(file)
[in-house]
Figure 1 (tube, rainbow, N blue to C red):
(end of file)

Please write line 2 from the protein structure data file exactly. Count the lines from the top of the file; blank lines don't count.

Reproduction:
Figure 1 (tube, rainbow, N blue to C red):